LinuxQuestions.org
Go Job Hunting at the LQ Job Marketplace
Go Back   LinuxQuestions.org > Forums > Non-*NIX Forums > Programming
User Name
Password
Programming This forum is for all programming questions.
The question does not have to be directly related to Linux and any language is fair game.

Notices

Reply
 
Search this Thread
Old 09-05-2003, 12:28 AM   #1
wirednb
LQ Newbie
 
Registered: Aug 2003
Location: new britain, ct
Distribution: red hat 8
Posts: 6

Rep: Reputation: 0
books on python programming


can any one recommend any good books on python programming or any programming books for newbies? i have the tutorial but would rather have a book when im not near a computer.
 
Old 09-05-2003, 07:28 AM   #2
cybervegan
LQ Newbie
 
Registered: Sep 2003
Location: Birkenhead, UK.
Posts: 7

Rep: Reputation: 0
Leaning Python

Python really is one of those languages you will learn best when you *are* sat in front of a computer!

BUt, still, within the Python community, Alex Martelli's recent (i.e. very up-to-date) book "Python in a Nutshell" is very highly regarded. Of course, this is an O'Rielly publication, and it costs $24.95 US or about 25 UK. I beleive its available on Amazon.

Two more really useful resources are www.python.org and comp.lang.python. The former has loads of documentation and links, the latter is a breeding ground for Advanced Pythonistas ;-)

hth
-andyj
 
Old 09-05-2003, 09:46 AM   #3
Strike
Member
 
Registered: Jun 2001
Location: Houston, TX, USA
Distribution: Debian
Posts: 569

Rep: Reputation: 31
Re: Leaning Python

Quote:
Originally posted by cybervegan
Python really is one of those languages you will learn best when you *are* sat in front of a computer!
I'll second that.

Quote:
Two more really useful resources are www.python.org and comp.lang.python. The former has loads of documentation and links, the latter is a breeding ground for Advanced Pythonistas ;-)
python.org is where 99% of my python questions are answered. Their online docs are incredible. c.l.p is nice too, but I prefer #python (on freenode, oftc, ircnet, efnet, and others, connected by one relaybot) for asking for help. Of course, you can always ask specific questions here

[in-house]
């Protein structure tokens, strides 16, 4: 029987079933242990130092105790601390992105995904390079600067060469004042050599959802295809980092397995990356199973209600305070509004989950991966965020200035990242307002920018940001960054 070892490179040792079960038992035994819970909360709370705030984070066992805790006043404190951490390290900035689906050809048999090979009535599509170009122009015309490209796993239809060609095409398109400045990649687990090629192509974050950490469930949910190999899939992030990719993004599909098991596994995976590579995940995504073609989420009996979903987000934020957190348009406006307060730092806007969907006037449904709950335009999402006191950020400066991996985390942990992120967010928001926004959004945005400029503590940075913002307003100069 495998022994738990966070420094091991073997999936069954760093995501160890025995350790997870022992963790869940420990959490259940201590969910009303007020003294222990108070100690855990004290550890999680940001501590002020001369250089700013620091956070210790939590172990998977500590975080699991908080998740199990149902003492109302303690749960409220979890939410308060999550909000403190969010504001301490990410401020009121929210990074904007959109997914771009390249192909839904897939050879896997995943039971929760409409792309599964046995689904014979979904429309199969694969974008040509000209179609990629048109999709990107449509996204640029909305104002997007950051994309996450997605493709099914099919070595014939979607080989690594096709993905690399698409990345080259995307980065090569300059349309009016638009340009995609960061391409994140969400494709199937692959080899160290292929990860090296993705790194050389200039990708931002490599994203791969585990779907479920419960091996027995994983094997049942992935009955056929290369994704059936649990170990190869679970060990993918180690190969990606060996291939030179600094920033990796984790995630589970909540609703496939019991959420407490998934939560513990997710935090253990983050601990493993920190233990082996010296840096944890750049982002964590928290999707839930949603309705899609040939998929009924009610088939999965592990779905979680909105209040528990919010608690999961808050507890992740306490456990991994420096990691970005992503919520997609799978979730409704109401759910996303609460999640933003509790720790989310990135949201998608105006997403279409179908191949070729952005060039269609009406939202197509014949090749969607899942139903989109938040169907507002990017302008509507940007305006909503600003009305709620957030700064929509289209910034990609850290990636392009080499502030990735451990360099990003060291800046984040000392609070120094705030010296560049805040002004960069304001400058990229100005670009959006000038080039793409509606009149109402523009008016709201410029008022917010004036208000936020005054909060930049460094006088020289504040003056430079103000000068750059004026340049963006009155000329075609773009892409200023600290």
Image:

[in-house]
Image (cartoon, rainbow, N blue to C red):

Old 09-05-2003, 02:20 PM   #4
Proud
Senior Member
 
Registered: Dec 2002
Location: England
Distribution: Used to use Mandrake/Mandriva
Posts: 2,794

Rep: Reputation: 116Reputation: 116
I've learned so much from just reading the Python html documention offline while I chuck code at IDLE. With the interactive interpreter I can work line by line, or open and run any file of code and then start testing some functions in it. Highly recommended.
 
  


Reply


Thread Tools Search this Thread
Search this Thread:

Advanced Search

Posting Rules
You may not post new threads
You may not post replies
You may not post attachments
You may not edit your posts

BB code is On
Smilies are On
[IMG] code is Off
HTML code is Off


Similar Threads
Thread Thread Starter Forum Replies Last Post
Python books and editors??? soku Programming 2 03-03-2005 04:45 AM
socket programming on-line books in python or in C pranith Programming 2 11-20-2004 10:58 AM
Books on programming C++ for Linux jriis Programming 1 01-13-2004 03:35 AM
python books Colonel Panic Programming 3 09-04-2001 06:18 PM
Programming Books for linux RaRavish Programming 4 09-03-2001 09:29 AM


All times are GMT -5. The time now is 11:31 AM.

Main Menu
My LQ
Write for LQ
LinuxQuestions.org is looking for people interested in writing Editorials, Articles, Reviews, and more. If you'd like to contribute content, let us know.
Main Menu
Syndicate
RSS1  Latest Threads
RSS1  LQ News
Twitter: @linuxquestions
identi.ca: @linuxquestions
Facebook: linuxquestions Google+: linuxquestions
Open Source Consulting | Domain Registration